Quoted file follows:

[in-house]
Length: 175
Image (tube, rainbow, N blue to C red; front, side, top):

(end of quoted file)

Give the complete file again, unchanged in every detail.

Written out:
[in-house]
Length: 175
Image (tube, rainbow, N blue to C red; front, side, top):